This past Sunday I had the pleasure of worshiping with the people of Christ Church Cathedral in Vancouver, BC. We were celebrating the Baptism of the Lord as well as welcoming a new member of the congregation through baptism. Here is the sermon I shared. (An audio recording can be found here.)
Eternal Father, who at the baptism of Jesus revealed him to be your Son, anointing him with the Holy Spirit, keep your children, born of water and the Spirit, faithful to their calling; through Jesus Christ our Lord, who lives and reigns with you and the Holy Spirit, one God, now and for ever.
Genesis 1:1-5 (“a wind from God swept over the face of the waters”)
Psalm 29 (“The voice of the Lord is over the waters”)
Acts 19:1-7 (“Into what then were you baptized?”)
Mark 1:4-11 (John baptized Jesus: “‘You are my Son, the Beloved; with you I am well pleased.’”)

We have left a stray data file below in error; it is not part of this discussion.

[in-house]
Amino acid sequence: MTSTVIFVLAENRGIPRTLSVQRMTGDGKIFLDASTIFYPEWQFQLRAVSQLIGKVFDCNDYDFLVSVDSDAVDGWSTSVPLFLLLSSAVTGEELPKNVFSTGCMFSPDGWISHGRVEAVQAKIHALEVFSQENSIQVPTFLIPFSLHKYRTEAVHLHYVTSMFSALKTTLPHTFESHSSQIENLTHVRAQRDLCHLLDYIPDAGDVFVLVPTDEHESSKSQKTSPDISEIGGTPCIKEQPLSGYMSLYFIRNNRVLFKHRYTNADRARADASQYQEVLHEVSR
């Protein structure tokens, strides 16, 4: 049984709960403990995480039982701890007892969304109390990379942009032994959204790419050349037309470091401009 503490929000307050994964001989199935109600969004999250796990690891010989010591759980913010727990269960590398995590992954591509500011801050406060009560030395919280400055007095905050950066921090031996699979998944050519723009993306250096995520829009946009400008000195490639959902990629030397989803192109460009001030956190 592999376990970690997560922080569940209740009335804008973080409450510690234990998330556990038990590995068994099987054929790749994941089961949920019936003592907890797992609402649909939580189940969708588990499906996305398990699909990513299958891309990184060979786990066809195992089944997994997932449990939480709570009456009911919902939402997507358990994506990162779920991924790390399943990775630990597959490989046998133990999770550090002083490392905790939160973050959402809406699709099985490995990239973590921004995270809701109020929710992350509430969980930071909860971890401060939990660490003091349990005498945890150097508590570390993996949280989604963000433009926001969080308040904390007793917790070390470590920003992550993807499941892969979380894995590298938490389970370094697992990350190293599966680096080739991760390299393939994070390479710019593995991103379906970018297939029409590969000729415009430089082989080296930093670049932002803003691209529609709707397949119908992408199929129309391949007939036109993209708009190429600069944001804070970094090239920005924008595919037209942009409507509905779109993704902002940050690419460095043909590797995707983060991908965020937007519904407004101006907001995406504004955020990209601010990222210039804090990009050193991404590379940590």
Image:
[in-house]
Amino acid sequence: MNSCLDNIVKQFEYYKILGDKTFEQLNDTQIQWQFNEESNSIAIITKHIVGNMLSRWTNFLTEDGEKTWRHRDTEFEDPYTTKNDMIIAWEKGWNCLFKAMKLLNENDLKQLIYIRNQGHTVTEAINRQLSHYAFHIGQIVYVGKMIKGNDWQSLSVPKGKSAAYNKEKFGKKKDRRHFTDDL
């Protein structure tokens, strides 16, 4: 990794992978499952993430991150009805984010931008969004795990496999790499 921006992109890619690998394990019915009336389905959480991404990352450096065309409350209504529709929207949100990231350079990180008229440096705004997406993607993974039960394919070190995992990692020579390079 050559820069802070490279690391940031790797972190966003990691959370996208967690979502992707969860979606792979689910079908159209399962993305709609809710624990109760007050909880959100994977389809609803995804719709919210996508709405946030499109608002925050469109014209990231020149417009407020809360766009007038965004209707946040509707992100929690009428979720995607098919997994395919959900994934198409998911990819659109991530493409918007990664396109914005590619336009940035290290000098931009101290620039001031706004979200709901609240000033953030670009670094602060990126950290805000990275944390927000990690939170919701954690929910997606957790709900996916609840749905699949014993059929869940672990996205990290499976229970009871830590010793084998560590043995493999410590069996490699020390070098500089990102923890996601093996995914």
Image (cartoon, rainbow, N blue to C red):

It’s a challenge to preach at a baptism. It’s a challenge because baptism is a very particular thing. It involves the acceptance of one unique individual into the Body of Christ, present in one concrete community of faith. We are baptized into the Universal and Eternal Church, but also into this group of people in this time and place, Just as we are each part of a larger family, but grow to know the family, to understand it, to live into it by living with the small group that raises us. So I want to preach about this particular person and this particular community, even though I am a guest. On the other hand, this is something wonderful, and I am honored to be part of it, because there is something special about the Church, Universal and Eternal. The church is both broad and deep. We love one another, and we strive in our diversity to know one another in our particularity. I’m honored to share several friends with Dean Elliott, to share a family and a faith, not just in principle, but in practice, in the creation of communities of hospitality, in the midst of a world that often promotes hostility. And so it says in the rubrics of the Book of Alternative Services: “Baptism is the sign of new life in Christ. Baptism unites Christ with his people. That union is both individual and corporate. Christians are, it is true, baptized one by one, but to be a Christian is to be part of a new creation which rises from the dark waters of Christ’s death into the dawn of his risen life. Christians are not just baptized individuals; they are a new humanity.” Today we remember the Baptism of the Lord, and hear in the gospel reading of John baptizing Jesus in the river Jordan. Have you ever wondered why Jesus needed to be baptized? That bothered me for a while. If the main point of baptism is adoption, then why would Jesus need to be adopted? He was already God’s son. If the main point of baptism is forgiveness of sins then why would Jesus need to be forgiven. He was without sin. Let me suggest that baptism does more than those things – though surely it does those things as well. Let me suggest that in baptism God creates and we participate in a perfect moment a perfect reflection of the Divine image in a human being. Like light that shines through stained glass, we see by the one true source, but we appreciate it playing out in countless colors, in panes that differentiate, but do not diminish the beauty of the Sun. Jesus was baptized because he was, and is, particular: a real man, incarnate, facing the same challenges we face – politics, violence, disease, pettiness – but also enjoying the concrete daily pleasures of companionship and laughter, food and sleep. To be human is to be particular. And we work out our lives, indeed we work out our salvation, in particular relationships with the people around us. A friend of mine, a rector, was telling me the other day about his challenges dealing with all the financial laws that restrict how churches can rent property. It was difficult, but it was also faith in practice, as is balancing the checkbook, putting up with an employee – or a boss, even making a meal. True faith is always concrete and particular. And so we are unique individuals and we form unique communities. Jesus began his ministry at the river Jordan. He was baptized and immediately went into the wilderness. When he returned he gathered about him disciples and began to spread word of the Kingdom of Heaven, now come near. Jesus’ baptism was a moment for God to look down from heaven and say “You specifically are my son. You particularly are beloved. And in you, I am well pleased.” And Jesus went out and called people to him recognizing them in their uniqueness and building a community of Peter and Andrew, James and John, Mary and Martha, and many others. Mark, Matthew, and Acts make a point of distinguishing between two kinds of baptism. John’s baptism was a baptism of water and repentance; it meant turning away from the evil in the world. Baptism into Christ Jesus is something more. It involves fire and the Spirit of God. It means entering into a community that already has Christ in it, not generically, but specifically, that very man who waded into the river Jordan. It is not just a turning away, but a turning into. And each and every one of us who is baptized, changes the church. It is something dangerous and wonderful that you welcome this new child of God. You will be changed. So baptism has these two sides. It is God’s recognition of God in this person, God’s welcome and favor, made visible by the church. It is also our acceptance of this new member, into the body of Christ here and now. Just as they become one of us, so we make this commitment, that what we become will include them. It is not a thing we do lightly. For those of you who do not know me, my name is Lucas Mix and I am a member of the Society of Ordained Scientists. Who knew there was a group of people, exercising ministry as priests and deacons, but also as natural philosophers, as scientists? It was a surprise to me when I learned of it 5 years ago, but the more I think about it, the more necessary it seems. We need Christians whose particular communities reach into the worlds of technology, engineering, and medicine. We need Christians who look to God’s will in the Earth and the stars, as the Magi did, who study plants and animals and even bacteria. And we need people who think of these issues as pastors and priests, asking how they shape us as individuals and communities – people who ask how our knowledge of the world affects our relationship with God. I study the history of definitions of life in biology and theology and how they relate. My home is at Harvard University in Boston, Massachusetts, but my home is also among the Ordained Scientists. They are one of my particular communities. And so I came here this weekend, to meet with two of our newest members, Mother Marilyn Hames and Greg Kennelly. I also came to speak with some of you about the Ebola Virus and the current epidemic in West Africa. Surely it provokes us to bring all we have to bear, both scientific and theological knowledge, as we look for an appropriate response. We had a great discussion yesterday. One of the ideas I am left with, truly something that Ebola has brought home to me, is that we do not understand why some things happen. We do not know why God allows such suffering, and we seldom know the best way to respond. In light of this, I remember that Christianity is not, nor ever was, primarily an explanation. It is a response. It is God’s response to our suffering. In the incarnation, Jesus became one of us, lived and died as one of us, in all our particularity and confusion – in the mess. And it is our response to the world we find ourselves in, to return God’s love with love, and to love one another as Jesus loved us, and to build communities of hope, faith, and love. We are not just a people who are saved, we are a people living into the Kingdom, with Jesus in our midst. As we welcome a new member into the community, both this local household and the very household of God, I ask you to bear this in mind. It is a profound and dangerous and wonderful thing to recognize someone as they are, to promise curiosity and friendship in service to God. It is dangerous because we know they can shape us, and that God can shine through them into the community and into the world. It is dangerous because it reminds us that God has a calling for each of us in our particularity and asks no less than heart, soul, mind, and strength, even the parts of ourselves we may not know or like. In the rite of baptism, we say: “Receive the light of Christ, to show that you have passed from darkness to light. Let your light so shine before others that they may see your good works and glorify your Father in heaven.” Always remember, there are consequences of sin, but there are also consequences of grace. Let us speak of the light we are moving towards, and the Spirit that moves within us bringing about the Kingdom of Heaven. Let us speak of the particular seeds, named and warmed and watered in baptism that will growing into the tree of life. And let us accept the danger and the promise of allowing God to transform our particularity, becoming more our unique selves, even as we become one in the Body of Christ.